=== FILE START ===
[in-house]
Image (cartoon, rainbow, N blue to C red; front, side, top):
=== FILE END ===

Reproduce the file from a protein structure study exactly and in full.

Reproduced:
[in-house]
Image (cartoon, rainbow, N blue to C red; front, side, top):